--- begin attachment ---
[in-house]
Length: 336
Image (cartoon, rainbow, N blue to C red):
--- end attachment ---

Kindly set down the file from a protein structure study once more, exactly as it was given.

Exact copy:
[in-house]
Length: 336
Image (cartoon, rainbow, N blue to C red):